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Alexander: Bipartisan Support for Government-Sponsored Research Should be Part of the President's "America First" Agenda


 

United States Senator Lamar Alexander (R-Tenn.) recently said that "bipartisan support for government-sponsored research should be part of the president's 'America First' agenda," as the Senate began consideration of the first appropriations bills for the next fiscal year, including the Energy and Water Development bill from Alexander's subcommittee.

"As we begin the appropriations process, I want to suggest that a candidate for the president's 'America First' agenda that has bipartisan support is the record funding for government-sponsored science, technology and research reflected in the Energy and Water Development Appropriations bill and in other appropriations bills, not only this year but in the last few years," Alexander said.

The Senate began consideration of the legislation today along with the Military Construction and Veterans Affairs and Legislative Branch appropriations bills.

"For the fourth consecutive year, we have included record funding levels in regular appropriations bills for the following activities:

  • The Office of Science--the Office of Science provides funding for our 17 national laboratories, including the Oak Ridge National Laboratory, which are America's secret weapon, no other country has anything like them. Funding for the Office of Science in this fiscal year's appropriations bill, the one we're voting on this week, would increase funding by 6%.
  • Or let's take supercomputing--two weeks ago, Energy Secretary Perry traveled to Oak Ridge, where he announced that the United States will regain the number one position in the world in supercomputing, which we compete for every year with China and Japan. This is the result of not one year of funding, but of ten years of bipartisan effort through three different administrations, Democratic and Republican, to try to make sure America is first in supercomputing in the world. We continue to do that in the appropriations bill we're considering this week.
  • Or take an agency we call ARPA-E--ARPA-E is a cousin of DARPA, which is an agency that was created in the Department of Defense some time ago, out of which came a variety of wondrous new technologies - from stealth to the Internet, for example. So, ten years ago, Congress decided, why not try the same thing in energy, and created what we call ARPA-E, to invest in high-impact energy technologies and quickly get those technologies out into the private sector."

Alexander continued: "That's just our subcommittee, in other subcommittees:

  • The Commerce-Justice-Science subcommittee--chaired by Senator Moran and Senator Shaheen: The fiscal year 2018 bill increased funding for the National Science Foundation by $200 million. The fiscal year 2019 bill, approved by the Senate Appropriations Committee last week, proposes to increase funding another $300 million. The National Science Foundation makes about 11,000 grants to universities and other institutions around the country, $8 billion next year, as a part of our effort to stay first in research, science and technology.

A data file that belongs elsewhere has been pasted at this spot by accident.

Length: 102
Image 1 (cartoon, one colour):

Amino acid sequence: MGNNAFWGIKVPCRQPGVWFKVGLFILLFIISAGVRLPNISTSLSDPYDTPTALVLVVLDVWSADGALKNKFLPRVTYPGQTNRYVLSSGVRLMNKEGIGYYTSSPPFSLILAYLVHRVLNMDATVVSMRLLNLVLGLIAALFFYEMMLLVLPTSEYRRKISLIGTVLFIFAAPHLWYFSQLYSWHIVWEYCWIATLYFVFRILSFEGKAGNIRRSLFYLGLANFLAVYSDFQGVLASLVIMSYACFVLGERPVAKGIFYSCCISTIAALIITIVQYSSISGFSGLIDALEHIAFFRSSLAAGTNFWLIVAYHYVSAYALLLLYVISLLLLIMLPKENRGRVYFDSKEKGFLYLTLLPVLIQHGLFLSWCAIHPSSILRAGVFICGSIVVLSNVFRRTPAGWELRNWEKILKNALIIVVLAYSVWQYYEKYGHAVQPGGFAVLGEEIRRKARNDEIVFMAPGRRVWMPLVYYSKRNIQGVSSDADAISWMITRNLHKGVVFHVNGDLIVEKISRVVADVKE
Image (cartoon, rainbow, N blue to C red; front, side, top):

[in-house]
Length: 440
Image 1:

• And then one more example, in fiscal year 2018, for the third straight year, the Labor-Health and Human Services subcommittee chaired by Senator Blunt and Senator Murray has provided increased funding for the National Institutes of Health and biomedical research. $2 billion additional dollars in the first year, $2 billion in the second year, and $2 billion in the third year, which is in addition to 21st Century Cures Act funding to focus on Precision Medicine Initiative, the Cancer Moonshot, among other things. Senator Blunt said that's a 23 percent increase over three years."

Alexander concluded: "So I would say to [those] who may not have noticed this quiet development, this Republican Congress, and the Democratic members as well, understand a principal reason we produce 24% of all the worlds dollars for just 5% of the people is the extraordinary concentration of brain power in the United States supported by federal dollars through our national laboratories, the National Institutes of Health, the National Science Foundation, and other agencies."

Alexander leads the Senate Appropriations Subcommittee on Energy and Water Development and wrote the bill with the subcommittee's top Democrat, Sen. Dianne Feinstein of California. The $43.8 billion Fiscal Year 2019 Energy and Water Development and Related Agencies Appropriations Bill was approved by the Senate Appropriations Committee on May 24 by a bipartisan vote of 30 to 1.

Click here to view the full video of Sen. Alexander's floor remarks.

 
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